Overview of the Burgess Router Bits
You might be asking yourself what is Burgess and what is so special about these router bits. Well let's take one at a time. The Burgess router bit system was developed by Michael Burgess, hence that is where the name came from. The router bit system is designed for edge banding. Edge Banding, in the simple form, is a way to make the edge of plywood look like a different type of wood, such a Maple or Oak.
There are a couple of reasons you would want to do this. First, to save money. Instead of using an expensive hardwood for a cabinet or other project, you can use Plywood. Another reason could be the weight. Hardwood tends to be very heavy because of how dense the wood fibers are. Plywood is lighter and easier to work with. Plywood is also very strong because of the design. It tends to resist cracking, warping and twisting. These are only a few of the reasons why someone would want to use Plywood. One downside to Plywood is the edges. If you look at Plywood from a side view, you can see all the layers of wood. Now sometimes the side layers look very neat if stained the right way, but if you want it to appear as hardwood, the layers of wood are very hard to conceal. This is where the Burgess system comes into play.
You might be wondering, “aren't there other ways to hide the side of Plywood.” Yes, there are other ways. You can glue Veneer to the side of plywood or you can glue a piece of hardwood to the side of the Plywood. However, there is a problem with both methods. If you Glue Veneer to the side of plywood, it can be a pain, but the biggest disadvantage is you can not round the sides. So you are stuck with the flat side. Also, Veneer will hold tight to the Plywood, but as you will see, not as tight as you can with the Burgess system. As we noted you can glue a piece of real hardwood to the Plywood, but again there are disadvantages. One disadvantage is the glue area or surface area. It doesn't always make for a good solid edge band and can become loose over time. The plus is you can router the side to anyway you want. But on the other hand, you might only want the look of hardwood on the front of the cabinet and not the sides. With this method, you will see the hard wood on the front edge of the Plywood, but if you like the Plywood veneer on the sides, you loose this capability.
The Burgess system is a great system and takes away all these disadvantages we talked about above. You get a large surface for a glue hold, you can still have the real hardwood on the front edge of the Plywood and still have the Veneer look on the side of the Plywood.
As you can see from the picture above, there are two router bits in this set, Plywood bit and the Insert bit. The Plywood bit creates the groove in the Plywood, while the insert bit cuts out the wood you want to insert into the Plywood to give it a different edge. The router bit system comes in a hard plastic case with both bits and the shims. The shafts are 1/2″. In order to add shims, all you have to do is loosen the nut and add shims to get the perfect cut.
We grabbed our 3/4″ scrap Plywood to test out the bits. You will need to use some scrap plywood in order to get the Plywood bit set for the proper cut. This does take a little work to get a good cut. Overall, it took us about 5-10 minutes to get the perfect set up where we had just enough shims so when we ran the router over the plywood, all that was left was the Veneer on both sides of the Plywood.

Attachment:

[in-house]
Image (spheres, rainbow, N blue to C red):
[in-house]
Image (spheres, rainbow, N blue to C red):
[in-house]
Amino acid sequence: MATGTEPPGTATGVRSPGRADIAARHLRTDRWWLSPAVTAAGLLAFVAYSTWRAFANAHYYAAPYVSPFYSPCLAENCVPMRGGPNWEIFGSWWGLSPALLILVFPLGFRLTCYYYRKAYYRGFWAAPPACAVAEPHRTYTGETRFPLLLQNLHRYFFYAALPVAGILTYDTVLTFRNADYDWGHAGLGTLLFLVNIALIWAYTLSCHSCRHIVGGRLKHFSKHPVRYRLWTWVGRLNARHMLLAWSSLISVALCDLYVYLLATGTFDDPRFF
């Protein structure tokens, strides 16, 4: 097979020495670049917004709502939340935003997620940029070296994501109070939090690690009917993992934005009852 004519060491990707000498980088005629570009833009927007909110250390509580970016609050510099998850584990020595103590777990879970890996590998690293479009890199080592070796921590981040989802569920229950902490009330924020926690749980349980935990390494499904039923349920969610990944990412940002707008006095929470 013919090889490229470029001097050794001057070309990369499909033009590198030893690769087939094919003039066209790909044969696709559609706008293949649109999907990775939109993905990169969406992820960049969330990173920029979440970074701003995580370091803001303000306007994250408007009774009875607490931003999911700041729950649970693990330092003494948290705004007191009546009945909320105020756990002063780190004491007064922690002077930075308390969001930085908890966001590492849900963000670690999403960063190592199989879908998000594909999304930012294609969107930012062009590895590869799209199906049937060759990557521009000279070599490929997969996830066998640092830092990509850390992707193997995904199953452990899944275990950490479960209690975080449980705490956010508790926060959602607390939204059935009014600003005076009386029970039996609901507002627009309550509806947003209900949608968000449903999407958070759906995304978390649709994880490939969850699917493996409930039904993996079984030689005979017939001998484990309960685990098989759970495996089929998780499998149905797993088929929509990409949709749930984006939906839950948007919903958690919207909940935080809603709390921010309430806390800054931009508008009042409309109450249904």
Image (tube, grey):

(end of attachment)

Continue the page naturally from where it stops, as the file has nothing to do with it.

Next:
Once everything was set up, we could cut away. The great thing about the Burgess Edge is it doesn't require a router table, you can do all this free hand. So if you are working with large sheets of Plywood, you don't have to try and handle this through a router table, just grab your router and start cutting. As you can see by the video, the Plywood bit cuts a concave groove along the Plywood and leaves the veneer in place. When we started cutting, we thought two things might happen. First, the Veneer would be a little damaged by the router bits. Second, we thought the veneer might get caught up in the router bits. To our amazement, neither happened. The Veneer looked perfect.
Once we cut through the Plywood, we inserted the Insert bit into the router for our hardwood. The Insert bit cuts a matching convex shape into the hardwood. The great thing about this is once you make your cut with the Insert bit, you have complete control. If you want your insert to be flush with the Plywood edge you can do this. If you want the insert piece to stick out 2″, you can do this also. After you cut the insert piece with the router, all you have to do is run the insert piece of wood through your table saw and you can make your adjustments for how much you want the wood to stick out of the Plywood, if any.
Now that you have both pieces, the Plywood and the insert wood, we noticed the large surface area for the the glue. Because the pieces are concave and convex, so they fit together, the rounded area gives more surface area for glue.
Once you have the pieces glued together, now it is up to you what to do next. You can stain, paint, round the edges or do what ever you want to make the piece your own. This is a great system and gives the user full control over edge banding.
Overall this is a great system. It does take a couple of minutes to set up, but once everything is in place you are ready to rock and roll. As we noted, if you're going to be creating a lot of edges, you might be better off using two routers. All and all this bit system is worth the price and the extra couple of minutes. This system eliminates the disadvantages of a traditional Veneer tape or glueing a piece of hardwood straight to the Plywood. If you're looking to create a cabinet or any other woodworking project with Plywood, take a look at the Burgess router bit system.